September 13, 2013 | Krista Carnet | 630.734.4013|

WESTMONT, IL —Academics, the media and diplomats are turning to Os Guinness, a prominent social critic and author of The Global Public Square, for his insights into one of the most pressing issues of our time—religious expression and tolerance. On September 10 Guinness was the featured guest for “On Topic with Ken Starr” at Baylor University, which will air on C-SPAN’S “Book TV” in early October. Guinness will also be the featured speaker at the International Prayer Breakfast for the opening day of the United Nations General Assembly in New York City on Tuesday, September 17.

Guinness was the latest in a series of top scholars brought to Baylor University each semester for the free “On Topic” public conversations. The series, hosted by Baylor president, Ken Starr, has featured such guests as former Secretary of State Condoleezza Rice, longtime U.S. Supreme Court Justice Sandra Day O’Connor and former Senate Majority Leader George Mitchell.

The underlying message from Guinness during the “On Topic” session was that the declining importance of religious freedom and civic education in society is a reflection of the decline of society as a whole. Guinness explained to the Waco Hall audience that the nation’s founding values have allowed the United States to be a leader in allowing religious conversation of all sorts in public forums, but that the growing emphasis on a strict separation of church and state is weakening that leadership role.

“We were delighted to have Dr. Os Guinness at Baylor University for an active, thoughtful and inspiring conversation,” said Starr. “Dr. Guinness has put before the nation, and the entire world, a critical question for our times: How do people of good faith—and no faith—live together in the face of their profound differences? Dr. Guinness reminds us of the deep need to restore a culture of respect for the great variety of competing perspectives and to welcome different voices into the conversation. This idea is millennia old, but in our modern age, it is as if much of the world has forgotten the importance of respectful dialogue. We were honored to hear from Dr. Os Guinness as he spoke about a ‘constructive vision for a better way’ and the essential values that must endure if we are to realize the vision of a true global public square.”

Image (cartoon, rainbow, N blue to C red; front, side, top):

On Tuesday Guinness will be the keynote speaker for the 28 th Annual International Prayer Breakfast. He will address nearly two hundred ambassadors, diplomats and executives from the United Nations Secretariat. John Austin, executive director of the Christian Embassy, which hosts the gathering, said that when he heard about the September release of The Global Public Square, he knew that freedom of expression should be the topic for the prayer breakfast and that Guinness should be the spokesperson.

“There have been various efforts over the past few decades to address the topic of religious expression and tolerance,” Austin said. “I believe the time is right and the issue of such importance that Dr. Guinness’s insights could raise the discussion to a whole new level, and that world leaders might honestly grapple with the question: Howdowe live together with our deepest differences? I know of no one better qualified to address this timely issue.”

Guinness has written or edited more than twenty-five books. The Global Public Square, his newest book, presents the case for the necessary freedom of religion for all people that would help individuals, people groups and nations worldwide live in harmony amidst the sectarian violence found in so many pockets of the world today.

“Os Guinness has long been a perceptive observer of culture, and he has long been quite influential as a wise sage and role model for thoughtful Christians and citizens at large,” said Al Hsu, senior editor of IVP Books. “His global perspective and historical insight always provide astute analysis and hopeful direction. Given the complexities of the world we live in, I’m grateful that Os is helping us all move toward a more civil, peaceful and just society.”

Guinness’s “On Topic” discussion is available at

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